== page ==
The anticancer effects of alk-SMase are thought to be achieved with a three armed mechanism[13]. First, it hydrolyzes SM to ceramide, which is a well-known antiproliferative and apoptotic molecule[18,24]. Second, it cleaves phosphocholine moiety from PAF and inactivates PAF[7], which is widely expressed in many inflammatory tissues promoting inflammation and tumorigenesis[25]. And finally NPP7 converts lyso-PC to monoacylglycerol[5], thus reducing the production of lysophosphatidic acid (LPA), which otherwise can be formed by NPP2[8]. LPA has emerged as an important messenger with potent inflammatory and carcinogenic effects mediated via several signaling transduction pathways after binding to G protein coupled receptors[26,27]. In supporting this three arm hypothesis, decreased ceramide and increased PAF[20] and LPA (Zhang P et al Abstract presented in AACR symposium, Shanghai, China, 2016) have been found in NPP7 knockout mice.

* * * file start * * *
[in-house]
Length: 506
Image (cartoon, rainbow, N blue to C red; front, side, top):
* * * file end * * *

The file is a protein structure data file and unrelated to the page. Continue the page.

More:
Similar to other NPP members, alk-SMase is anchored on the surface of the cell membrane with a short hydrophobic domain. The remaining part of the enzyme including the catalytic domain is exposed extracellularly[13]. The enzyme can be released by bile salt[28], and also by pancreatic trypsin, as there is a tryptic site just above the hydrophobic domain embedded inside the membrane[29].


Alk-SMase in human bile was discovered by Nyberg et al[11] in bile collected from patients in our hospital. The activity in human bile is not derived from bacteria since it is similarly present in the samples with and without bacterial infection. Although gallbladder bile has higher activity than the hepatic bile, no activity was found in the homogenates of gallbladder mucosa, confirming that it is liver not gallbladder that expresses the enzyme. Because PCR experiment identifies alk-SMase mRNA in human HepG2 cells[30], the enzyme is believed to be expressed by hepatocytes, transported to the surface of the microvilli that extend into the bile canaliculi and released by bile salt into the lumen.